Fresno County, California

Fresno County lies midway in the great San Joaquin valley, between Merced and Mariposa on the north and Tulare on the south. It is the third largest county in the state, having an area of 8,093 square miles. Its population, given by the 1880 census as 9,478, has increased enormously within the last five years, and is now estimated at 33,000, while the yearly increase is fully 5,000. Fresno, the county seat, is in the geographical center, and is the seat of the greatest raisin-producing section in the United States. The new acreage planted to raisin grapes this season is 10,000 acres, making the total acreage 36,000. Other large towns are Madera, Huron, Kingsburg and Selma. Two-thirds of the county is level as a barn floor, with soil of inexhaustible fertility. Here an elaborate system of irrigating canals has converted thousands of acres into one great vineyard of raisin grapes. While other fruits are less profitable than the grape, they are largely cultivated for drying and canning. The irrigating canals are capable of watering one thousand square miles, and this capacity can be increased. Besides all the ordinary agricultural products, Fresno produces a. large amount of alfalfa, honey, sorghum, sweet potatoes and Egyptian corn. In the eastern part of the county are some of the loftiest peaks of the high Sierra, rising more than 14,000 feet above sea-level. The mountain slopes are clothed with the finest growth of redwood and sugar pine. The assessed valuation in 1889 was $35,387,173.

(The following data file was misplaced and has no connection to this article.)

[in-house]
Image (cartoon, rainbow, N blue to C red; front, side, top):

Source: California State Gazetteer and Business Directory 1890, Volume II, R. L. Polk & Company, 1890.

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Created December 2, 2015 by Judy White